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The briefers were typically Mr. Rumsfeld or someone from the Joint Chiefs of Staff or the Pentagon’s civilian policy shop.

This is not the first time Mr. Levin has intervened behind the scenes, or the first time that federal investigators have cleared the Rumsfeld Pentagon.

In January 2009, the inspector general released its first report on the analysts, clearing them and the Pentagon of wrongdoing. It said the briefings were “conducted in accordance within Defense Department policies and regulations.”

“We found no indication that partisanship was operative during the interchanges with [retired military analysts] and found no evidence that the Office of the Assistant Secretary of Defense for Public Affairs personnel sought to somehow avoid portraying [the Defense Department] as a source for the information provided. Rather, the briefings were open and transparent,” the 2009 report states.

Unhappy with the findings, Mr. Levin sent a private letter, a copy of which was obtained by The Washington Times, to Robert M. Gates, the defense secretary at the time.

“While the report finds insufficient evidence to determine that any contractor received a competitive advantage as a result of its ties to retired military analysts, the report fails to assess whether the retired military analysts themselves obtained financial benefits from contractors as a result of their favorable access to [Defense Department] information and officials,” Mr. Levin wrote.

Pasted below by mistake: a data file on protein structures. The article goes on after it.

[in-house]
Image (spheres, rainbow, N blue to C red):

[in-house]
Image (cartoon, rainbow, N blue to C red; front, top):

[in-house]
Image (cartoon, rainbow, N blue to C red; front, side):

Mr. Gates, who suspended the program in reaction to the New York Times story, forwarded the letter to the inspector general, who retracted the report, saying it had not adequately determined who among the analysts were defense contractors. It said it did not plan another investigation.

But Mr. Levin insisted at the 2009 confirmation hearing of Gordon Heddell for inspector general that it conduct a second investigation.

Mr. Heddell complied in June 2009 with a new team of investigators. It is their unreleased report that again has exonerated the Pentagon, according to the source knowledgeable about the findings.

In July 2009, the Government Accountability Office, Congress’ investigative arm, issued a report saying it, like the Pentagon inspector general, found nothing wrong with what it called the retired military officer (RMO) program.

“We found no evidence that DoD attempted to conceal from the public its outreach to RMOs or its role in providing RMOs with information, materials, access to department officials, travel, and luncheons. Moreover, we found no evidence that DoD contracted with or paid RMOs for positive commentary or analysis. Consequently, DoD’s public affairs activities involving RMOs, in our opinion, did not violate the publicity or propaganda prohibition,” the GAO report states.